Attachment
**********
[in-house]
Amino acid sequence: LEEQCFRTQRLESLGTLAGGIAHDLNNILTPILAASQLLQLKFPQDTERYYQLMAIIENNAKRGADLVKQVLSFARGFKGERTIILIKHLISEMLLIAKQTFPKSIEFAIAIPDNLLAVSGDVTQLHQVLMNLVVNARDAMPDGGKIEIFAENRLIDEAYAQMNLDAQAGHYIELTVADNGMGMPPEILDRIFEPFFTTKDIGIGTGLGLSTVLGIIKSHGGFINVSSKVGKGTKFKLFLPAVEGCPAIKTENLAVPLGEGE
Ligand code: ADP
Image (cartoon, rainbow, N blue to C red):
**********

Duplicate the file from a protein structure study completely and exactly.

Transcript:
[in-house]
Amino acid sequence: LEEQCFRTQRLESLGTLAGGIAHDLNNILTPILAASQLLQLKFPQDTERYYQLMAIIENNAKRGADLVKQVLSFARGFKGERTIILIKHLISEMLLIAKQTFPKSIEFAIAIPDNLLAVSGDVTQLHQVLMNLVVNARDAMPDGGKIEIFAENRLIDEAYAQMNLDAQAGHYIELTVADNGMGMPPEILDRIFEPFFTTKDIGIGTGLGLSTVLGIIKSHGGFINVSSKVGKGTKFKLFLPAVEGCPAIKTENLAVPLGEGE
Ligand code: ADP
Image (cartoon, rainbow, N blue to C red):